Hurricane Maria: 'Will my dad get his cancer treatment?'
When Hurricane Maria hit Puerto Rico at the weekend, Sofia Abregu filmed it.
"Now the water is coming through the windows. Now the windows are shaking," she narrates in the wobbling mobile phone footage she sent to the BBC.
She sheltered in the beachfront apartment in the capital San Juan, where she works, but Sofia's mother was not so fortunate. She called her daughter as her street in nearby district Levittown was submerged in a storm surge.
"She thought it was a tsunami. She was screaming and then the phone cut out," Sofia explained. "I did not find out for another eight hours that she was alive."
After coping with the trauma of the hurricane, she and millions of Puerto Ricans are now facing the aftermath of the destruction of homes, power lines, and basic services.
More than 10,000 US Federal Emergency Management Agency (Fema) staff are on the ground, according to the agency. President Donald Trump announced on Tuesday that he would travel there next week.
But residents say they are clearing up alone.
"The roof is gone. The house is a slimy green-yellow colour because of the water and it smells so bad," Sofia explains.
"Fema is a ghost that everyone is looking for but no-one can find," she told the BBC from an eight-hour queue for fuel to power her generator.
Cristina Cabrero doesn't know if her father, Juan Molina, will get the life-saving care he needs to treat his aggressive cancer.
"My dad has plasma cell cancer. He has decreased function of his kidneys, red blood cells and immune system as well as damaged bones."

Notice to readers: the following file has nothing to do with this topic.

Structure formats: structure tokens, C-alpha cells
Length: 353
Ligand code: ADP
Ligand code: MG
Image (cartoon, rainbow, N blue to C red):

"When there is a gap in his treatment of over two weeks, his cancer gets out of control," she says.
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Landlines have been destroyed and mobile phone communications are patchy, making it impossible for Cristina to reach Juan's doctors.
Luckily the hurricane hit during the "week off" in his treatment cycle, but on Thursday he will require blood tests to assess his treatment levels.
"I don't know if the labs are open to do his tests. If they are, do the hospitals have medication? If they have run out, can supplies be shipped in? We don't know."
Hospitals are facing a dire situation, explained Gerardo Torres, a doctor at University District Hospital in San Juan.
"Right now the main problem is delay of treatment. Operating rooms are closed due to lack of air conditioning and operating kits cannot be sterilised. Also, fuel shortages are making transportation difficult to contact ambulance services for patient pick up and transfer," he told the BBC.
Cristina wants to evacuate her father if he can't be treated, but the airport in San Juan is already full of desperate people trying to leave.
"At this point, when would I get him out? Mid-October? That's useless for a cancer patient. It doesn't paint a good picture for his prospects."
"It's like driving past a car wreck that just never stops," Ian Stevenson says about the scale of destruction on the island.
"I heard gunshots firing for 10 minutes two nights ago. I'm staying close to home when I can."
Food is also scarce and Ian says people worry they will be robbed when they leave supermarkets with food.
He normally runs a shipping company around the Caribbean, but has been offering his services to deliver aid to other ravaged islands.
"Fema asked me for 500,000 gallons of water - there's a kids' hospital in San Juan with no water," he told the BBC.
"I'm lucky that the ships use diesel - tonight we'll start running ships with aid to Le Croix, St Thomas and Tortola. They're totally destroyed."
He is keen to point out the positive things he has witnessed.
"My community has come together. Neighbours helping neighbours. Strangers taking strangers into their homes as refugees."
Cristina says: "That's the real story from Puerto Rico - people coming out and helping each other.
"But it's all very scary - I'm leaving my parents in the hands of God."
By Georgina Rannard, UGC & social news